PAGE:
(Lecture A: Prof. Kevin Klement)

[IMAGE]Course description and objectives: This course is an introduction to the philosophical study of morality, including the theory of right and wrong behavior, the theory of value (goodness and badness), and the theory of virtue and vice. Besides providing familiarity with the primary questions addressed within moral philosophy and the most influential answers given by well-known philosophers, this course is designed to help students develop their abilities to read, explicate, analyze, and evaluate philosophical literature, write and express themselves well about their own ethical positions, and think critically and analytically about ethical issues.

Discussion Sections:
Section Time             Location       TA
------- --------------   ------------   ------------
AD01    9:05AM-9:55AM    SOM 27         E. Bohn
AD02    10:10AM-11:00AM  Dickinson 216  G. Rabin
AD03    11:15AM-12:05PM  Tobin 304      E. Bohn
AD04    12:20PM-1:10PM   SOM 125        I. Bhattacharjee
AD05    1:25PM-2:15PM    Bartlett 203   J. Johnson
AD06    2:30PM-3:20PM    Herter 117     I. Bhattacharjee
AD07    9:05AM-9:55AM    Bartlett 212   G. Rabin
AD08    10:10AM-11:00AM  Bartlett 206   E. Bohn
AD09    11:15AM-12:05PM  HasLabAdd 111  G. Rabin
AD10    12:20PM-1:10PM   SOM 27         J. Johnson
AD11    1:25PM-2:15PM    SOM 117        I. Bhattacharjee
AD12    2:30PM-3:20PM    Bartlett 212   J. Johnson

TA Contact Information:

TA: Office Office Hours Email
--------------------- ------------ ----------------------- -------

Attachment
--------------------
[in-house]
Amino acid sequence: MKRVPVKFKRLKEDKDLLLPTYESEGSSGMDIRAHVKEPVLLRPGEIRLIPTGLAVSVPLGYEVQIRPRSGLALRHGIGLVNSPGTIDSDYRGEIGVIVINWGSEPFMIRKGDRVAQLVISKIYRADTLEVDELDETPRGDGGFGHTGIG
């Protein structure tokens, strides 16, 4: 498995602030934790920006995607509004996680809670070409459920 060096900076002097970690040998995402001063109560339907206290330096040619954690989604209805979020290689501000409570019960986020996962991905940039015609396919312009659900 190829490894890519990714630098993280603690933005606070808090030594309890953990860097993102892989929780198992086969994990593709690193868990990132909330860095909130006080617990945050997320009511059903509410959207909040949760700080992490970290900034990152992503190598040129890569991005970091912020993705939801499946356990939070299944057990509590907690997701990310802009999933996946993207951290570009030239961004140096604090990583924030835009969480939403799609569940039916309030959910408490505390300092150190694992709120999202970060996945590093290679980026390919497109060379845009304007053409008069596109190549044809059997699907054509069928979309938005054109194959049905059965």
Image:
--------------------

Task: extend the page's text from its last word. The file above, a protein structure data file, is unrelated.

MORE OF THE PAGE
Indrani Bhattacharjee 365 Bartlett M 12:15-1:15 & by appt
Einar Bohn 367 Bartlett By appt.
Jayme Johnson 355 Bartlett Th 1-3pm & by appt.
Gabriel Rabin 382 Bartlett M 9:30-10:30,
W 10:00-11:00 & by appt

NOTE:  To read any of the course handouts, you need to have Adobe Acrobat or Adobe Acrobat Reader installed. To download a free copy of Adobe Acrobat Reader, click on this link:

Course Handouts and Information

Lecture Notes

General caveat about the  lecture notes: I need to make it very clear that these notes do not include everything said in lecture. They only include the rough outline from the powerpoint projections. If you simply read these notes, you will miss many things from lecture. Reading them is certainly no substitute for attending lecture. When you attend lecture, it is certainly prudent to take additional notes beyond those contained below. Moreover, I also need to make it clear that you should not simply copy from these notes in your exams and papers. That is a fairly obvious and egregious form of plagiarism.

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